It would be a huge understatement to say there is a lot of uncertainty in the world of healthcare right now.
Consumers are wondering how premiums and access to care will be affected by politically-driven efforts to reshape the health insurance market, and providers and pundits are trying to figure out what the industry itself will look like as large corporations within the field strive to stay competitive.
Many of our clients at Evolution are providers and experts in both the public and private healthcare sectors, and our team has decades of combined experience in the field. We don’t have answers for all the looming questions on the healthcare horizon, but we do know that we’re all about to witness a sea change in healthcare this year, and our team plans to keep our sails full and stay ahead of any storms or rogue waves.
Here’s an overview of two of the biggest events reshaping healthcare in the United States right now:
Bezos, Buffett and a Bank
On Jan. 30, Amazon, Berkshire Hathaway and JP Morgan Chase announced they are teaming up to provide healthcare for their hundreds of thousands of American employees. Since that press release hit the wire, questions about the project have outnumbered answers by an estimated margin of 1,000,000 to 1.
In their announcement, Jamie Dimon, Chairman and CEO of JPMorgan Chase, described the intent of the merger this way:
“The three of our companies have extraordinary resources, and our goal is to create solutions that benefit our U.S. employees, their families and, potentially, all Americans.”
That’s it. No details as to what those solutions would look like, or how these moves would benefit U.S. citizens who don’t work for those companies.
Or when it will begin.
Or what it will be called.
Or if there will be a mascot.
Or, well, you get the idea, though it does sound like anyone working for those three industry giants has cause for optimism if they’ve been waiting to see a doctor.
The companies may be planning to buy up health care providers and supply workers with cheaper insurance plans in-house, eliminating the third-party insurers most organizations rely on. They may only be looking to create an efficient digital infrastructure to streamline access and compensation to improve access for employees.
Whatever their reasons and however the details play out in months to come, the 300-point drop in the Dow, driven by falling share prices for Humana, Aetna, United Health, Cigna and Anthem, is evidence that insurers are worried that businesses are taking rising healthcare costs for their employees into their own hands.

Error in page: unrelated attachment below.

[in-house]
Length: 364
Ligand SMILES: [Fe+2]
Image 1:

Almost forgotten in light of the Amazon-Chase-Berkshire announcement is the $69 billion December merger of insurance industry leader Aetna and pharmacy giant CVS.
Executives painted the joint venture as a game-changing move that will use CVS’s expansive reach and Aetna’s database to give clients more convenience and control over their own healthcare, as well as hope for reduced costs for medication.
But skeptics point out that other industry giants have also combined forces (United Health Care and OptumRx), yet drug prices continue to climb nationwide. Another criticism of the executives’ rosy portrayal is a bit more cynical: if these industry giants really wanted to use their clout to benefit health insurance consumers, what’s been stopping them up to now?
Leaving cynicism and free-market skepticism aside for the moment, the most logical explanation for the move is that Aetna and CVS are trying to solidify their business in a time of deep uncertainty in their field, proof that even the biggest ships in the fleet are aware of uncertain waters ahead.
So what are we left with, other than a lot of unanswered questions? Uncertainty, to be sure, will be the norm for a while, and the ability to change and adapt will be critical for nonprofits and even for-profit healthcare providers and administrators.
After years of observing and working within the healthcare system, our team knows how to stay in front of the trends and maximize results for our clients, despite external drivers like changing markets or political instability. Most recently, we retooled Connect for Health Colorado’s advertising strategy so the program maintained successful enrollment numbers despite federal cutbacks to advertising for the Affordable Care Act and a shortened enrollment window.
Give us a call, and we’ll use our expertise to keep your organization sailing smoothly through a sea of change.